Using the new James Webb Space Telescope (JWST), astronomers have spotted two leading contenders for what could be the most distant galaxy ever seen. Both surfaced in the fray of the preliminary results posted online as preprints in the weeks after the telescope began science operations in July. After undergoing intense scrutiny, including reassessment due to updated telescope calibration, the results are now among the first JWST discoveries about the early universe to be published in assessed reports. by peers.1,2.
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Researchers have yet to confirm the distances of these galaxies by analyzing the spectral properties of the light they emit. But if early estimates are correct, the light from these objects has traveled such great distances that they appear as they were just 350 to 450 million years after the Big Bang. Together with other findings from the JWST, these observations indicate that galaxies formed and evolved earlier in the history of the Universe than astronomers have been able to probe until now.
“It was a bit surprising that so many formed so early,” says Jeyhan Kartaltepe, an astronomer at the Rochester Institute of Technology in New York. And it challenges notions about how galaxies formed in the early Universe, she says.
Like many distant galaxies spotted by the telescope, the two farthest contenders appear small and bright, suggesting they are compact, disc-shaped objects rather than diffuse and scattered. Their order and luminosity suggest that early galaxies had already developed well-organized structures from many stars, rather than being distorted and faint as earlier studies with the Hubble Space Telescope had indicated.
“It’s amazing – we see such bright galaxies in early times,” said Garth Illingworth, author of one of the new reports and an astronomer at the University of California, Santa Cruz, during a press briefing. November 17.
A race for the record
JWST, a US$10 billion observatory, studies the Universe in infrared wavelengths. One of its specialties is being able to detect light from distant galaxies that has been stretched to redder wavelengths by the expansion of the Universe. Astronomers use a measurement known as the redshift to describe exactly how far apart galaxies are, with higher redshifts indicating more distant objects. One of the now-published distant galaxy candidates has a redshift of 10.4 or 10.6, and the second candidate has a redshift of 12.2 or 12.4. The latter beats the previous record: a galaxy with a redshift of about 11, spotted by Hubble3.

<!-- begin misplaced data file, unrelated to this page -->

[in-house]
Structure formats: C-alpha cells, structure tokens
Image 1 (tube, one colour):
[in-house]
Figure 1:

The final published redshifts are slightly lower than those reported in previous preprints. Like many early JWST results, the results have been extensively recalculated after the Space Telescope Science Institute in Baltimore, Maryland, released updated data calibrations for the telescope from late July.
Many other JWST distant galaxy candidates are still going through the peer review process. Some might surpass the new record holder at redshift 12.4. At least one has already been confirmed by spectroscopy at redshift 9.76, in a preprint published October 27 on arXiv.org4. This preprint is listed as having been submitted to Nature.
Meanwhile, scientists are studying more broadly what the telescope reveals about galaxy formation. In a preprint published on November 105, a team including Kartaltepe analyzed 26 galaxies observed by the telescope with preliminary redshifts of 9 to 16. This work also shows that there are many more bright galaxies at these distances than theory had predicted. . “Although it is in its early days with JWST,” the authors write, “[initial] the results provide exciting insight into the potential secrets of the early universe that our observations may reveal.